On 6 January 1989, nine persons hijacked the boat Dukati and headed towards the Italian coast. The plan was carried out by captain Enver Meta and the sailor Bardhyl Vogli. The hijackers sequestered seven members of the crew who did not want to migrate and kept them in captivity for the whole trip. After arriving in Brindisi, they applied for political asylum. The Albanian government tried to persuade the Italian authorities to deliver the fugitives, portraying them as terrorists, drug dealers and mobsters. However, only one of them had a criminal record and it was not related to terrorism or drugs. Italian authorities arrested the captain and the sailor for sequestering the boat and for the kidnapping. The other six were hosted at the Caritas.

The captain, Enver Meta, exposed the poor social conditions and the lack of political freedoms in Albania to local media. On January 20, 1989, Meta and Vogli were absolved by court of Brindisi and transferred to a refugee camp. The judges argued that Albania’s lack of political freedoms was a known fact, and the country did not adhere to international agreements for the protection of human rights. The tribunal affirmed that Meta and Vogli had escaped from a situation that harmed their individual rights, such as the freedom to expatriate, freedom of thought and freedom of religion. The lawyer hired by the Albanian state suspected that the sentence was a “political decision”.

Policy on Albanian migrants hardens after dictatorship falls

In July 1990, over 800 Albanians entered the Italian embassy in Tirana. They were all transferred to Italy. In December 1990, the Albanian dictatorship formally fell. Between February and March 1991, over 20.000 persons reached the Italian coasts with boats that they’d squatted in the harbour of Durres. By then, the attitude of Rome towards Albanians migrants started to change.

In March 1991, over 18.000 Albanians applied for asylum, but only 672 were accepted. In June 1991, the spokesman of the Italian foreign ministry affirmed that Albania had undertaken important steps towards democratisation and respect for human rights. The change to the political setting justified more restrictive policies towards Albanian migrants. However, this evaluation did not consider the actual situation on the ground. Albania was then challenged by the worst political and economic crisis since World War II. The state could not protect “human rights”. Legal migration was almost impossible for most Albanians as they did not fit the requirements that were necessary to obtain visas.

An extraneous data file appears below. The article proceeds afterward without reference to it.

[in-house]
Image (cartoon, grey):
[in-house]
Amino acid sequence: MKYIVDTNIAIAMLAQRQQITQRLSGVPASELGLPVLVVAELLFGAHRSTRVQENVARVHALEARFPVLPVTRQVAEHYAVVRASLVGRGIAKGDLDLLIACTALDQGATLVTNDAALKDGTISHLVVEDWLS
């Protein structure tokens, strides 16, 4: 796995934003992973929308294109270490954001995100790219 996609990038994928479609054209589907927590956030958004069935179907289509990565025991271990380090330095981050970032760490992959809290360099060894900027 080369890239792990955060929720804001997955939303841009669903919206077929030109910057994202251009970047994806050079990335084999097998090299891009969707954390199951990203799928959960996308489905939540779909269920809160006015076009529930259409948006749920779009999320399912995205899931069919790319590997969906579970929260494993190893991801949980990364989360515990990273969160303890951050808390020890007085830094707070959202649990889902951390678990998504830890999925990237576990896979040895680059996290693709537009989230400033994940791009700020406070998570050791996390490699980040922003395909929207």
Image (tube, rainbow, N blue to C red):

The “welcome” to Albanians started in the late-1980s, with a few scattered cases of persons who went to Italy and who in many cases migrated to the US or elsewhere. This phase lasted until February-March 1991, when large numbers of Albanians went to Italy by boat. Albanians who tried to migrate in the subsequent months, such as those who travelled on the ship Vlora, were not welcomed. Most of the passengers were brought to the old Bari stadium where they were kept without access to water, food and toilets. Whereas the police tried to keep them inside the stadium, according to some sources, common people organized “hunting” campaigns (caccia all’albanese) to catch those who ran away. The Italian state took the “painful” decision to repatriate all persons that came on the Vlora.

Opposition figures criticized the government for the way it treated Albanian migrants. Bianca Gelli, of the Communist Party, sent a report to the UN in order to expose their “inhumane treatment”. Pino Rauti, of the MSI, was disturbed by the images of Albanians in the stadium because it made him think of his experience as prisoner in a concentration camp. In the first years of transition, Albanians were seen as victims of communism and had the sympathy of far-right politicians with nostalgic feelings such as Rauti. Mirko Tremaglia, another MSI exponent, made a proposal with neo-colonial undertones. He mentioned a plan of investment in North Africa and Albania conceived by his party in order to prevent migration. This goals of this plan sound similar to the recent initiative of PM Meloni, the Piano Mattei. Evoking Rome’s colonial past, Tremaglia affirmed that Italy had strong bonds with Albania before communism. He suggested that Italy should have obtained a mandate for the management of the aid in Albania because events in Somalia – another Italian former colony– showed that local governments could not be trusted.

Events in Bari set the tone for the treatment of Albanians in 1990s Italy. The emergence of corruption scandals in 1992 wiped out many Italian politicians who dealt with Albania in the first years of transition. However, the situation of Albanian migrants did not improve. The new governments, whether left or right-wing, continued to apply stringent migratory policies and Albanians were forced to cross the sea with illegal means putting their lives in extreme danger. The press and the police increased surveillance on them and used Albanians as scapegoats. Albanians worked and still work for lower wages and often without contributions. In many cases, the state did not protect them from greedy employers and traffickers because it refused to give them papers.

A myth designed to present Italy as ‘saviour’

The narrative of the “welcoming” is meant to boost the old myth of Italy as the “saviour” of Albanians. This myth serves to make Albanians feel guilty and indebted towards the Italian state and at the same time to conceal and forget the exploitation that the majority of them were subject to.

No one should feel indebted to Italy or listen to what demagogical leaders such as Rama and Meloni have to say about Albanian-Italian relations. It’s Italy that should feel indebted towards Albanians, given the human and material costs of imperialist politics and wars that it carried out in Albania. The camps and the expansionist framework of Italy’s foreign policy risk poisoning relations between Albanians and Italians. Beside reflecting the racist attitude of the Italian far-right towards Albanians and other migrants, they evoke the concentration camps that Italy built during World War II in Albania. I think Albanians and Italians should oppose their construction.